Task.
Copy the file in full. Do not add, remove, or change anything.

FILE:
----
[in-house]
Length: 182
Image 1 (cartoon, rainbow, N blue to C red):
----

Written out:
[in-house]
Length: 182
Image 1 (cartoon, rainbow, N blue to C red):